Written by: Imani Diggs

“The better we feel about ourselves, 

the fewer times we have to knock someone else down to feel taller.

-Odetta

Early Life

Ms. Odetta grew up in Birmingham, Alabama during the era of the Great Depression. Despite the times, her community found the joy in life despite their conditions. She speaks on growing up finding joy and encouragement in the way her people counteracted hardship with optimism through song. 

“You’re walking down life’s road, society’s foot is on your throat, every which way you turn you can’t get from under that foot. And you reach a fork in the road and you can either lie down and die or insist upon your life… those people who made up the songs were the ones who insisted upon life.” -Odetta

Odetta’s father unfortunately passed away, causing her mother to uproot the family cross country to Los Angeles, California. During their train ride, Ms. Holmes recounts that she experienced her first racist encounter when her family was asked to move to the back of the train because they were colored. However she persisted. Ms. Odetta used the same persevering spirit her people used in their music for all of her life experiences. She began to take interest in using her own musical talents to contribute to the culture in elementary school. The impact she had through her gift was so substantial, her elementary school teacher encouraged her to get formal training to further her talent.

Ms. Holmes began training but stated, ” School taught me how to count and taught me how to put together a sentence.. but as far as the human spirit goes, I learned through folk music.”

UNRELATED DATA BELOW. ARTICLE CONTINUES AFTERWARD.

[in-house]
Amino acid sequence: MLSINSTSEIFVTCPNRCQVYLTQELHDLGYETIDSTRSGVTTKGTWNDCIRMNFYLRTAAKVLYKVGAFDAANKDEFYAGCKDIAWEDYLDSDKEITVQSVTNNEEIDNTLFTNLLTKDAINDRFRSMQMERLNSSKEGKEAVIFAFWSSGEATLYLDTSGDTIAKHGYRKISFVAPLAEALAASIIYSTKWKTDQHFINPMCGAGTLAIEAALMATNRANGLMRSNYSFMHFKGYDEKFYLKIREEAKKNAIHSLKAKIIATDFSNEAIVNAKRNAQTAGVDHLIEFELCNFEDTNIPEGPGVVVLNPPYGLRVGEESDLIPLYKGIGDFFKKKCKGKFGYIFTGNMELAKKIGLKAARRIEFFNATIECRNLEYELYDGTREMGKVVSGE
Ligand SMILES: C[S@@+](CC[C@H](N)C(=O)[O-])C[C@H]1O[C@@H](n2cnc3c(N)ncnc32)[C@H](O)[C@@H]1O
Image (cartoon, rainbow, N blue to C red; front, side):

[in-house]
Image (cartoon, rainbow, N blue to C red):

Career

1950-1953

  • Graduated from Los Angeles City College with a degree in Music.
  • Obtained a role in a traveling choruses production of “Finian’s Rainbow”
  • Left the theater company to move to New York City and pursue performing folk and blues music.

1956-1970

  • Recorded her first solo album “Odetta Sings Ballads and Blues”
  • Recognized in Time Magazine and by Bob Dylan
  • Recorded two more albums “At the Gate of Horn” and “My Eyes Have Seen”.
  • Performed on the Lincoln Memorial steps during the March on Washington
  • Performed at Carnegie Hall

1987-2005

  • Music recognized as “The Soundtrack of the Civil Rights”
  • Continued to record albums such as “Movin’ It On”, “Blues Everywhere I Go”, and “Looking for a Home”.
  • Awarded the National Medal of Arts by President Clinton
  • Awarded Living Legend Award by the Library of Congress
  • Recorded last album at 74 years old, “I’m Gonna Let It Shine”

Performances

1954

“Waterboy”

2005

“House of the Rising Sun”

Odetta Holmes created her impact based off of the natural essence that was on the inside of her. In a world that encouraged blackness to conform to what was considered pure and right (whiteness), Ms. Odetta stayed true to the core of who she was. She used music as her gateway to influence a myriad of other facets of life. She demolished hindering structures through music and future generations of  artists, like myself, now have an easier time making their way through the music industry.  She was a bright light that tapped into the natural innovative spirit of the Black woman. Her legacy thrives and prospers through the lives of young Black women who use her strength to continue to dismantle systems of oppression, hatred and racism through song. 

Ase, Ms Odetta

Love,

Imani Diggs

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